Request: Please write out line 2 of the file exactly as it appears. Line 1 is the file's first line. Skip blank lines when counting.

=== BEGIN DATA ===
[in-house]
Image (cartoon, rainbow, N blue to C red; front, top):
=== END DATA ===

Image (cartoon, rainbow, N blue to C red; front, top):